On August 7, 2013, Outten & Golden LLP filed a lawsuit against Major League Baseball on behalf of unpaid All-Star Game FanFest volunteers and other volunteers who performed unpaid work for Major League Baseball alleging the following:
MLB staffed its 2013 All-Star FanFest (“FanFest”), a lucrative, for-profit commercial operation that MLB promoted as “the largest interactive baseball theme park in the world,” and described as “baseball heaven on earth,” almost entirely with “volunteers,” and did not pay them any wages. MLB recruited approximately 2000 volunteers to “represent New York by welcoming . . . guests [in other words, paying customers] from around the world and assisting in the smooth operations of all of the [All-Star] events.”
By failing to pay Plaintiff and thousands of others for their productive work, MLB denied federal, state, and local governments significant tax revenue and denied the volunteers important benefits of working, including workers’ compensation insurance, social security contributions, and, most importantly, the ability to earn a fair day’s wage for a fair day’s work. MLB also excluded New Yorkers who could not afford to work for free.
MLB could have easily afforded to pay its FanFest workers. MLB charged adults $35.00 and children 2-years and older $30.00 to enter FanFest. Thousands of adults and children attended FanFest between July 12 and July 16, 2013, and, upon information and belief, spent over one million dollars there. Major League Baseball Properties’ Corporate Sales & Marketing department solicited lucrative corporate sponsorships by claiming that “Baseball fans of all ages are expected to attend 2013 MLB All-Star FanFest, and your organization will have the ideal venue to leverage the most eagerly awaited fan experience of the summer.” These corporate sponsorships earned MLB significant revenue. None of that revenue, however, ended up in the pockets of the New Yorkers whom MLB recruited to provide the labor necessary to prepare for and run FanFest and other All-Star Game events.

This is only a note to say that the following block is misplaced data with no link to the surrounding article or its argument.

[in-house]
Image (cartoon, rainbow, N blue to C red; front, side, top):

MLB used unpaid volunteers to assist with “hospitality, event logistics, community events, and transportation” for All-Star Weekend events around New York City. At FanFest, MLB used volunteers to operate the 40 attractions that were “included with the price of admission,” but did not provide All-Star Game tickets to FanFest volunteers. MLB refused to even pay for volunteers’ parking or transportation.
Through this lawsuit, the Plaintiff seeks to force MLB to (1) stop soliciting and accepting work from unpaid volunteers, (2) permit those who cannot afford to work for free to work for FanFest and other events related to the All-Star Game, and (3) recover unpaid wages for all unpaid volunteers who performed work for MLB during the relevant period. MLB’s failure to pay its volunteers any wages violated federal and state minimum wage laws, which require employers to pay at least the minimum wage for all work that they “suffer or permit,” and which exist to eliminate “labor conditions detrimental to the maintenance of the minimum standard of living necessary for health, efficiency, and general well-being of workers.”
On August 15, 2013, Plaintiff filed a Motion to Certify a Nationwide Collective of unpaid volunteers who performed work for MLB since August 7, 2010. Plaintiff filed a reply to MLB’s opposition on December 20, 2013. Plaintiff filed an Amended Complaint on November 25, 2013. MLB has asked the Court to dismiss Plaintiff’s lawsuit. Plaintiff opposed this motion on January 14, 2014.
On March 26, 2014, the Court dismissed Plaintiff's federal law claims because of a narrow exemption in the federal Fair Labor Standards Act (FLSA), but did not rule on Plaintiff's New York Labor Law (NYLL) state law claims. The FLSA exemption was enacted by Congress in 1966 and designed to permit recreational facilities to employ young people on a seasonal basis and not have to pay them the relatively high minimum wages that existed at the time. Notably, the Court did not rule on whether Plaintiff and other volunteers were employees and whether they should have been paid, which is the key issue in the case. Therefore the case is still alive, at least for volunteers who worked in New York. We plan to re-file the NYLL claims in state court soon. We are currently reviewing our options with respect to an appeal of the FLSA ruling. Volunteers who worked in states other than New York may also have viable claims under their own state labor laws.